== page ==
WAMU 88.5 : News

Filed Under:

Rusty The Red Panda Used Tree Limbs To Escape

Play associated audio
Rusty made it all the way from the National Zoo to Adams Morgan before being caught.
National Zoo
Rusty made it all the way from the National Zoo to Adams Morgan before being caught.

National Zoo officials believe rain allowed Rusty to escape from what was thought to be a secure enclosure. That rain lowered tree limbs in the red panda exhibit, meaning Rusty could get closer to the edge of the enclosure. It also caused bamboo just outside the enclosure to bend over, creating a bridge perfect for Rusty's escape.

The escape produced tense drama and a search that spanned two neighborhoods, before the red panda was finally found running about in the Adams Morgan neighborhood of northwest D.C.

To ensure Rusty and his exhibit mate, Shama, stay at the zoo, staff are trimming trees and cutting bamboo in and around the exhibit. They also plan to replace plants in the upper portion of the enclosure with a visitor barrier, which will add 30 more inches of tree-free space.

Zoo officials say Rusty is in good health and expect him to be back in his exhibit by July 4.

NPR

These Old-Timey Philly Candies Offer A Taste Of Politics Past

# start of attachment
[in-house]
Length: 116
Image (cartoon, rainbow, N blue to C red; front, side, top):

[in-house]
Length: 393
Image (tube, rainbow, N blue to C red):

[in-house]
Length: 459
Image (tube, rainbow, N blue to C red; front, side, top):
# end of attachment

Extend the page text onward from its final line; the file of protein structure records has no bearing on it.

Clear toy candies are a centuries-old local tradition. With the Democratic convention in town, an old-school candy maker is peddling some with a political bent. Think lollipop meets Mount Rushmore.
NPR

Cookie Dough Blues: How E. Coli Is Sneaking Into Our Forbidden Snack

Most people know not to eat raw cookie dough. But now it's serious: 46 people have now been sickened with E. coli-tainted flour. Here's how contamination might be occurring.
NPR

Is Trump's Call For 'Law And Order' A Coded Racial Message?

Donald Trump's promise to be the "law-and-order" candidate revived a slogan often associated with Nixon's 1968 presidential campaign. Linguist Geoff Nunberg discusses the term's racial underpinings
NPR

Writing Data Onto Single Atoms, Scientists Store The Longest Text Yet

With atomic memory technology, little patterns of atoms can be arranged to represent English characters, fitting the content of more than a billion books onto the surface of a stamp.

Leave a Comment

Help keep the conversation civil. Please refer to our Terms of Use and Code of Conduct before posting your comments.